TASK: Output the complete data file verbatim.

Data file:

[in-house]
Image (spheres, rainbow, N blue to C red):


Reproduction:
[in-house]
Image (spheres, rainbow, N blue to C red):